Yet another object includes the provision of a cap on the container having removable connection to the container above the neck, the discharge valve carried by the cap. As will appear, the cap includes an annular flange outwardly overhanging the neck, there being an annular retainer, the retainer and the container having threaded interconnection. The cap typically defines a downwardly re-entrant recess, inwardly of the annular flange, the discharge valve having a manually deflectable part protectively extending in the re-entrant recess. Filling of liquid into the container is carried out without removing the retainer and cap from the container.
These and other objects and advantages of the invention, as well as the details of an illustrative embodiment, will be more fully understood from the following specification and drawings, in which:
FIG. 1 an elevation showing the container apparatus;
FIG. 2 a vertical section taken through the FIG. 1 apparatus; and
FIG. 3 is a top plan view taken on lines 3--3 of FIG. 2.
In the drawings, the apparatus for dispensing liquid as a spray 10 is shown generally at 11. It includes a container 12 consisting of high-strength synthetic resin molded into container shape. The container is of sufficient thickness as to be rigid, and to safely contain fluid pressure up to at least about 200 psi, although in use, typically pressure therein will be within the range 125-175 psi. It has been found that a synthetic resin consisting of polybutylene terephthalate satisfies these requirements.
The container has a bottom wall 13, a side wall 14, which is typically cylindrical, and a reduced diameter upper neck 15. The side wall includes upper and lower wall portions 14a and 14b, portion 14a tapering upwardly at 14aa to merge with the neck. The wall thickness of the upper wall portion 14a is typically somewhat greater than the wall thickness of the lower wall portion 14b and is typically 25-50% greater than the lower wall portion thickness; however, the upper wall portion has height typically less than 40% of the height dimension of the lower wall portion. This provides for in-fill of liquid 35 into the lower portion of the container to a level such as indicated at 16, to be sprayed from the container under pressure. Level 16 is greater than 50% of the height of the container lower portion 14b. The wall thickness of container lower portion 14b is between 0.175 and 0.200 inches, and preferably about 0.187 inches.
The upper and lower wall portions have threaded interconnection, whereby the upper wall portion is rotatably removable from the lower wall portion to allow sprayable liquid to be filled into the lower portion, after which the upper portion is easily rotatably connectible to the lower portion to provide a sealed interconnection therewith. See for example the external threads 17 on the lowermost extent of the upper wall portion 14a, and the screw threads 18 on the inner side of the uppermost extent of the lower wall portion 14b.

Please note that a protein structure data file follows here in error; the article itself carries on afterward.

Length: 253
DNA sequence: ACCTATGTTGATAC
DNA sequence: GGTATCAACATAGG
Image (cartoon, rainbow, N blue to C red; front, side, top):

An annular O-ring 19 extends about the axis 20 of the container and is clamped between the upper and lower wall portions 14a and 14b when they are assembled together by relative rotation to interengage the screw threads. See clamping shoulders 21 on the container upper portion 14a, and 22 on the container lower portion 14b, shoulder 21 facing downwardly to interengage the O-ring and shoulder 22 facing upwardly to interengage the O-ring, the latter, for example, consisting of elastomeric material.
A pressurized gas inlet fitting 23 is carried by the upper wall portion 14a, and typically by the upwardly tapering portion 14aa, as referred to above, whereby the fitting is located proximate the neck 15. It includes a check valve generally indicated at 24 to allow air pressure (or other gas pressure) to be supplied inwardly through the tubular fitting into the space 25 above the liquid 35, but to block outward escape of such contained air pressure. Such pressure is sufficient to drive all of the liquid 35 from the container as spray 10 without requiring further pressurization of air or other gas into space 25.
After the container has been emptied of liquid, and remaining air pressure in the container has been allowed to escape via the valve 23, as by depressing a stem 23a, the container may be opened by unthreading of the upper portion 14a from the side wall lower portion 14b to allow in-fill of more liquid, after which 14a and 14b are reassembled, and air pressure is again filled into the container via fitting 23. Such pressure may be from a regulated source, indicated at 100, whereby the pressure within the container does not exceed a predetermined upper level. Alternatively, a safety valve may be provided on the wall portion 14aa, or integrated with fitting 23, to allow escape of excess pressure should it occur within space 25. The projecting stem 28 is located within a cylinder 60 defined by side wall 14b.